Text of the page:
Also this:

I wish that a broad range of Republicans – including the wingnuts – could agree that they don’t want children dying and participate in this message.

But that is a lose-lose proposition. The anti-gay activists would throw fits and give them grief. And our community would say, “yeah, well you voted this way on that bill and WE DONT WANT YOUR FRIGGIN VIDEO”.

It seems that this is the very core of the problem with the GOP right now. For all of their tough talk, at heart far to many of them are incredible cowards. Susan Collins is a huge exception, and so is Rep. Ileana Ros-Lehtinen, amazing heroes both.

But if the reason for not doing a video is because wingnuts think gay kids killing themselves is okey-dokey and gays are gonna throw raspberries over their less than ideal voting record, then they are all the bigger cowards. After all, some of those suicides, I believe, are from families of their very own constituents.

And as a P.S., I do hope the NY GOP Reps and Senators who voted for marriage equality receive a lot of our support in their primary challenges. It is imperative that they survive their primary challenges and not be punished for doing the right thing.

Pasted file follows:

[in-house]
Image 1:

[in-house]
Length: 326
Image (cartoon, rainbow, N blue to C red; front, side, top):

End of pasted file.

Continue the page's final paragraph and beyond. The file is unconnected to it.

Ryan
July 29th, 2011 | LINK

Timothy, I don’t understand your argument. There’s nothing in the video that attacks Brown. You’re saying that it is now being used to attack him and that’s why he was smart to not be in it, but it’s only being used to attack him now because he chose not to be in it. That’s a logic disconnect.
And I don’t understand how “he can’t make a video because his base will be mad at him” is a good argument.

Jim Burroway
July 29th, 2011 | LINK

Matt

Your headline says “GOP Group Attacks It Gets Better Campaign,” but why only focus on that? After all, what apparently happened is that the Massachusetts Democratic congressional delegation got together to make a video, and then issued a press release to use that action against Brown. What a cynical move.

Go back and read what’s under the headline. What happened is that a Massachusetts LGBT youth services group wanted to put together a video and invited the entire state delegation, including Brown. Brown was the only one out of all of them who was “too busy.” And when his absence was conspicuous, the GOP attacked the campaign and the man who inspired it. I think it’s pretty straightforward.